If the recent decision to harvest the salt in its pool in the hotel area of the Dead Sea is not implemented quickly, some of the hotels will have to be moved before they are flooded, the Dead Sea Works warned Wednesday.
The Dead Sea Works is concerned about the beating its image took following the pre-decision discussions of the best way to deal with the rising level of water in the pool, "when it was claimed that we are drying up the Dead Sea and are not willing to do what is necessary to prevent the flooding of the hotels," Noam Goldstein, the deputy managing director of the company, said.
Goldstein said the Dead Sea Works has decided to launch its first-ever campaign to explain that the southern part of the Dead Sea would have dried out because of the pumping of water for regional use and that it is unconnected to industrial activities. "Only thanks to the Dead Sea Works are there pools for tourists to use," he said.
The Dead Sea Works will be publishing ads and film clips that will say that the industry is what has brought life to the southern Dead Sea region.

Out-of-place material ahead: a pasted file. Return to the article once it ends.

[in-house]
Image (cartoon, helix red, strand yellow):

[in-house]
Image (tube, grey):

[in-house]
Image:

According to various estimates, 65 percent of the decline in the level of the Dead Sea stems from utilization of water sources for drinking and agriculture that normally would have flowed into the salty lake - first and foremost, the Jordan River. The rest of the decline is because of Dead Sea water being drawn off into pools by the Dead Sea industries in Israel and Jordan.
When the ministers of environmental affairs and of tourism decided a few weeks ago that harvesting the salt from the bottom of the pool was the preferable way to deal with the threat of flooding, rather than moving the hotels, they also said the Dead Sea Works should pay for the harvest.
But according to Goldstein, when the Dead Sea Works was privatized and transfered to the ownership of the Ofer Brothers, no obligation was imposed on the company to pay for preventing the flooding of the hotels. "Although we are under no contractual obligation, we are prepared to participate in the matter because we are a responsible company," Goldstein said.
He added that representatives of the company were negotiating with the Finance Ministry to determine how much the Dead Sea Works would contribute toward harvesting the salt.
But Goldstein warned that the planning must already begin because in 2017, the level of the pool will for the first time be higher than the rooms of the nearest hotels. By that time it will no longer be possible to raise the berms around the pool, and if the salt is not harvested by then, there will be no choice but to move the hotels.
"We estimate that planning and approving the harvesting system will take two years, and building it will take another two years," Goldstein said. "It will take us another two years to stabilize the level of the Dead Sea after the harvest is begun. Therefore we must begin now, before it's too late."
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